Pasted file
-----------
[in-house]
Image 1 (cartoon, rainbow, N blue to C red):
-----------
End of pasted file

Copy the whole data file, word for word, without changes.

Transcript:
[in-house]
Image 1 (cartoon, rainbow, N blue to C red):